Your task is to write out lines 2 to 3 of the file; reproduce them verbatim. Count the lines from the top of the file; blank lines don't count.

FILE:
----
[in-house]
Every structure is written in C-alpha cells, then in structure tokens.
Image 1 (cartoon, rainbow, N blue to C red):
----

Every structure is written in C-alpha cells, then in structure tokens.
Image 1 (cartoon, rainbow, N blue to C red):